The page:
5 Need-to-Know Facts About the Recreational Golf Boom

Professional golf gets plenty of attention—good and bad. And there’s been no lack of the latter in the past year with the contentious relationship between the PGA Tour and LIV, and the now-official rollback of the golf ball that was precipitated by how far the best players in the world are hitting the ball, unlike the other 99.99 percent of us.

Recreational golf, however, is thriving, despite what’s happening at the highest levels.

To make us feel better about the positive momentum within the game you and I (and almost 26 million other Americans) play, whether competitively or socially, here’s a handful of need-to-know golf health metrics. These data points are courtesy of the research team at the National Golf Foundation.

recreational golf
(photo by Getty Images)

One Million More Golfers

More Americans teed it up on a golf course in 2023 than at any point in more than a decade, with a net gain of approximately one million golfers to 26.6 million in total. The number of traditional golfers—those who play on a golf course—has now risen for six straight years, even before the pandemic-related boost in engagement. But last year’s leap of one million participants is the most since 2001, a year in which a wunderkind named Tiger Woods won the Masters to complete the unprecedented feat of holding all four modern-era major titles at the same time.

Record Round Total

When national play levels dipped a little bit in 2022 after a record-setting year for rounds in 2021, many people in and around the golf business figured it was the first sign of a return to normalcy or a regression to the mean. But 2023 showed we might just be experiencing a “new normal” for green-grass golf. Not only did play levels increase in 2023, but there were a record 531 million rounds played at golf courses across the country. Consider that’s about four times as many rounds played as the total attendance to all MLB, NFL, NBA, and NHL games combined last year.

45 Million Total Golfers—On-Course and Off

Whether or not you’ve visited a Topgolf venue or swatted golf balls at a target in an indoor simulator at a strip mall, more and more people are getting their first taste of “golf” at places like these. And the number of people who play various off-course forms of golf—and this doesn’t include miniature golf, mind you—has surpassed the more than 26 million who take to an actual golf course. There are now more than 45 million people who play some kind of golf, a total that’s climbed over 50 percent in the past decade.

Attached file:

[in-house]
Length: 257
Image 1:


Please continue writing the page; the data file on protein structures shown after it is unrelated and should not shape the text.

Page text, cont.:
recreational golf
(courtesy National Golf Foundation)

Most New Golf Courses Since 2010

The U.S. doesn’t exactly lack for golf courses, not with almost 16,000 nationwide. But that isn’t stopping golf-obsessed developers and landowners from building new courses to meet demand where there’s a fit. Right now, that seems to be mostly in states like Florida, Texas, and South Carolina. There were more than 100 course development projects in the works at the start of 2024, and last year delivered the most new U.S. course openings dating back to 2010.

Record Beginners, Again

The past four years have seen a record number of newbies hit the golf course for the first time ever, over three million each year. That’s a byproduct of several things, not just golf’s resurgence since the pandemic hit. First is the positive effect that golf entertainment and other forms of grassless golf are having on introductions and interest, making people more comfortable and confident when it comes to swinging a golf club. Then there are the increasingly positive perceptions of the game (beyond the professional ranks), with an increasing number of prominent athletes and celebrities not only playing the game but celebrating it on social media. There’s no question, golf is cool again. But it’s also not hard to do the math and see golf’s biggest obstacle for future growth—retention. More specifically, that means converting more beginners to committed participants who continue to fuel participation and play increases in the years to come.

Do you know anyone who started playing golf for the first time in 2023?

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